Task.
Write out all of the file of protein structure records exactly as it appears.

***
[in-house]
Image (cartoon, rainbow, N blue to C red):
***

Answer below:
[in-house]
Image (cartoon, rainbow, N blue to C red):